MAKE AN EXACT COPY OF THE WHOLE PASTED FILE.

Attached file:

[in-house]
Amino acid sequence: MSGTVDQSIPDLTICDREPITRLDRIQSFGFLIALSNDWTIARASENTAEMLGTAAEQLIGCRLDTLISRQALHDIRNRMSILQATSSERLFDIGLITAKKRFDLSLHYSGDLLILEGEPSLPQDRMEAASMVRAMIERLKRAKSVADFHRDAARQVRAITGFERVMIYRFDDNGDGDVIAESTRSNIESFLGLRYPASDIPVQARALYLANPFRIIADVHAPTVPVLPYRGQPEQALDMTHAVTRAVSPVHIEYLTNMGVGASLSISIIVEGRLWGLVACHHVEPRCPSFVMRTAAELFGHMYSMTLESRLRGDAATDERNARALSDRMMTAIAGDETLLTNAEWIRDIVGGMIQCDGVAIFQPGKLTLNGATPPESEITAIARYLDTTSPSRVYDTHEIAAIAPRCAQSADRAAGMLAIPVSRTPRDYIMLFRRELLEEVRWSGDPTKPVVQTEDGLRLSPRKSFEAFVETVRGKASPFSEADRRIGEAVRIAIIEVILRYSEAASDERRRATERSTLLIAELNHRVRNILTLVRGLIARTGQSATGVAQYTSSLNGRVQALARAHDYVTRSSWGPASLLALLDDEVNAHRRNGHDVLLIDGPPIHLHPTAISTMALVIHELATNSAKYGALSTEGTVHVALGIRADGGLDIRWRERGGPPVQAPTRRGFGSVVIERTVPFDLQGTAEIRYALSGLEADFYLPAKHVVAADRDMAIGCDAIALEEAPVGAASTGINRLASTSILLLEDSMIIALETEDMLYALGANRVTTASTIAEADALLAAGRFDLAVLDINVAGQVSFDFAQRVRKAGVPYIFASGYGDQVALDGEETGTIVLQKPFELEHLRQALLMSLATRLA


[in-house]
Amino acid sequence: MSGTVDQSIPDLTICDREPITRLDRIQSFGFLIALSNDWTIARASENTAEMLGTAAEQLIGCRLDTLISRQALHDIRNRMSILQATSSERLFDIGLITAKKRFDLSLHYSGDLLILEGEPSLPQDRMEAASMVRAMIERLKRAKSVADFHRDAARQVRAITGFERVMIYRFDDNGDGDVIAESTRSNIESFLGLRYPASDIPVQARALYLANPFRIIADVHAPTVPVLPYRGQPEQALDMTHAVTRAVSPVHIEYLTNMGVGASLSISIIVEGRLWGLVACHHVEPRCPSFVMRTAAELFGHMYSMTLESRLRGDAATDERNARALSDRMMTAIAGDETLLTNAEWIRDIVGGMIQCDGVAIFQPGKLTLNGATPPESEITAIARYLDTTSPSRVYDTHEIAAIAPRCAQSADRAAGMLAIPVSRTPRDYIMLFRRELLEEVRWSGDPTKPVVQTEDGLRLSPRKSFEAFVETVRGKASPFSEADRRIGEAVRIAIIEVILRYSEAASDERRRATERSTLLIAELNHRVRNILTLVRGLIARTGQSATGVAQYTSSLNGRVQALARAHDYVTRSSWGPASLLALLDDEVNAHRRNGHDVLLIDGPPIHLHPTAISTMALVIHELATNSAKYGALSTEGTVHVALGIRADGGLDIRWRERGGPPVQAPTRRGFGSVVIERTVPFDLQGTAEIRYALSGLEADFYLPAKHVVAADRDMAIGCDAIALEEAPVGAASTGINRLASTSILLLEDSMIIALETEDMLYALGANRVTTASTIAEADALLAAGRFDLAVLDINVAGQVSFDFAQRVRKAGVPYIFASGYGDQVALDGEETGTIVLQKPFELEHLRQALLMSLATRLA